“Are you almost ready to go?” A hesitant voice asks behind me. I blink, and turn my head. Standing there in the doorway is a pretty little thing, ten going on twenty. She is wearing the standard white shirt and black slacks required for a choir concert.
“Come here,” I say, beckoning her. From my purse, I pull out a pen. “Will you do me a favor?”
She approaches slowly, glancing around the house that was once a home. It's been empty for nearly fourteen years, but it still belongs to me. My father did not want the house, so I became its caretaker straight out of high school.
“What do you want me to do?” She asks.
I hand her the pen. “One last mark,” I say, “it's tradition.”
She eyes the writing utensil, then looks up at the frame. “You were so short, mama,” she says, amused.
I smile sadly, and nod for her to take it. She does, and stands on her tiptoes to draw the line at the top of my head. She is tall, too, and will probably pass me in a couple years.
“Write my name, and date it,” I instruct, stepping back. I am a tad bit taller than the last time, but so much has changed since then.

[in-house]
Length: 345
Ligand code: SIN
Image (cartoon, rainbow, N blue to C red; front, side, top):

We stand together, a mother and a daughter. I am not perfect, but I try. I try, where my own did not. I am present, while my own was absent. I am better than she was, because I am stronger than my own demons.
“Does it really even matter?” She asks, gesturing to the door frame. “This will all be gone soon.”
Tomorrow, the city will be tearing down the house. It has sat abandoned for so many years. I do not live here; my father is now gone, and nothing is tying me to this house except for the memories.
And isn't that what scars are, anyway? Memories? You can take away an item, a place or a person, but you carry these kind of things with you always.
“It matters to me,” I reply, slinging my arm around her shoulder. “All scars tell a story, and these are the ones I bear.”
She nods, and we exit the house. The wind picks up as we leave, and I swear for just a fleeting moment, I smell lavender and honey.